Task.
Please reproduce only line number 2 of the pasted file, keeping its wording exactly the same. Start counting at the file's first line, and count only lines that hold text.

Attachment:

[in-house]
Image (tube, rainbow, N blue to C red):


Image (tube, rainbow, N blue to C red):